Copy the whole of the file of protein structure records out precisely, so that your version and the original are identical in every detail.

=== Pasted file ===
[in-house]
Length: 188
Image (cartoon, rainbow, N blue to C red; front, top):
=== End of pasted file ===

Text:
[in-house]
Length: 188
Image (cartoon, rainbow, N blue to C red; front, top):